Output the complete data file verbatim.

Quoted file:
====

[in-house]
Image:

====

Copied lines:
[in-house]
Image: